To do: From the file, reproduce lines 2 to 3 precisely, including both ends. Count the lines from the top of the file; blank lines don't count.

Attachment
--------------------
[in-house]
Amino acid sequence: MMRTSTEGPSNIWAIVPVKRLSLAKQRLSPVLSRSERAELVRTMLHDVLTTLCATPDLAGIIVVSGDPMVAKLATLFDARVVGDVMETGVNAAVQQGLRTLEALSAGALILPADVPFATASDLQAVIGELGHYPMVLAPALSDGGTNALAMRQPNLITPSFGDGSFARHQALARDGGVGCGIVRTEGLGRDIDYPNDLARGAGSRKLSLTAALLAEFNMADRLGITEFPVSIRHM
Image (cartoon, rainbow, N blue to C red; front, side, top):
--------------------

Amino acid sequence: MMRTSTEGPSNIWAIVPVKRLSLAKQRLSPVLSRSERAELVRTMLHDVLTTLCATPDLAGIIVVSGDPMVAKLATLFDARVVGDVMETGVNAAVQQGLRTLEALSAGALILPADVPFATASDLQAVIGELGHYPMVLAPALSDGGTNALAMRQPNLITPSFGDGSFARHQALARDGGVGCGIVRTEGLGRDIDYPNDLARGAGSRKLSLTAALLAEFNMADRLGITEFPVSIRHM
Image (cartoon, rainbow, N blue to C red; front, side, top):